What is COPD?
Chronic obstructive pulmonary disease (COPD), also called chronic obstructive lung disease, is a term that is used for two closely related diseases of the respiratory system: chronic bronchitis and emphysema. In many patients these diseases occur together, although there may be more symptoms of one than the other. Most patients with these diseases have a long history of heavy cigarette smoking.
COPD gets gradually worse over time. At first there may be only a mild shortness of breath and occasional coughing. Then a chronic cough develops with clear, colorless sputum. As the disease progresses, the cough becomes more frequent and more and more effort is needed to get air into and out of the lungs. In later stages of the disease, the heart may be affected.
Cigarette smoking is the most important risk factor for COPD; it would probably be a minor health problem if people did not smoke. Other risk factors include age, heredity, exposure to air pollution at work and in the environment, and a history of childhood respiratory infections. Living in low socioeconomic conditions also seems to be a contributing factor.
How Is Chronic Obstructive Pulmonary Disease Treated?
Pulmonary rehabilitation programs, along with medical treatment, are useful in certain patients with COPD. The goals are to improve overall physical endurance and generally help to overcome the conditions which cause dyspnea (episodes of breathlessness) and limit capacity for physical exercise and activities of daily living. General exercise training increases performance, endurance, and overall sense of well-being.
Administration of oxygen and nutritional supplements when necessary can improve respiratory muscle strength. Relaxation techniques may also reduce the perception of ventilatory effort and dyspnea. Breathing exercises and breathing techniques, such as pursed lips breathing and relaxation, improve functional status.
Keeping air passages reasonably clear of secretions is difficult for patients with advanced COPD. Some commonly used methods for mobilizing and removing secretions are the following:
- Postural bronchial drainage helps to remove secretions from the airways. The patient lies in prescribed positions that allow gravity to drain different parts of the lung. This is usually done after inhaling an aerosol. In the basic position, the patient lies on a bed with his chest and head over the side and his forearms resting on the floor
- Chest percussion or lightly clapping the chest and back, may help dislodge tenacious or copious secretions
- Controlled coughing techniques are taught to help the patient bring up secretions
- Bland aerosols, often made from solutions of salt or bicarbonate of soda, are inhaled. These aerosols thin and loosen secretions. Treatments usually last 10 to 15 minutes and are taken three or four times a day. Bronchodilators are sometimes added to the aerosols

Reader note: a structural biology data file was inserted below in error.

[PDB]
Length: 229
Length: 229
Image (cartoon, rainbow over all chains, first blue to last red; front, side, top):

Home oxygen therapy can improve survival in patients with advanced COPD who have hypoxemia, low blood oxygen levels. This treatment can improve a patient’s exercise tolerance and ability to perform on psychological tests which reflect different aspects of brain function and muscle coordination. Increasing the concentration of oxygen in blood also improves the function of the heart and prevents the development of cor pulmonale (a serious heart condition).
Oxygen can also lessen sleeplessness, irritability, headaches, and the overproduction of red blood cells. Continuous oxygen therapy is recommended for patients with low oxygen levels at rest, during exercise, or while sleeping. Many oxygen sources are available for home use; these include tanks of compressed gaseous oxygen or liquid oxygen and devices that concentrate oxygen from room air.
Although there is no cure for COPD, the disease can be prevented in many cases. And, in almost all cases the disabling symptoms can be reduced. Because cigarette smoking is the most important cause of COPD, not smoking almost always prevents COPD from developing, and quitting smoking slows the disease process.
If the patient and medical team develop and adhere to a program of complete respiratory care, disability can be minimized, acute episodes prevented, and hospitalizations reduced.
More than 13.5 million Americans are thought to have COPD. It is the fifth leading cause of death in the United States. Between 1980 and 1990, the total death rate from COPD increased by 22 percent. In 1990, it was estimated that there were 84,000 deaths due to COPD, approximately 34 per 100,000 people. Although COPD is still much more common in men than women, the greatest increase in the COPD death rate between 1979 and 1989 occurred in females, particularly in black females (117.6 percent for black females vs. 93 percent for white females). These increases reflect the increased number of women who smoke cigarettes.
* Information provided by National Heart, Lung, and Blood Institute. For more information, visit http://www.nhlbi.nih.gov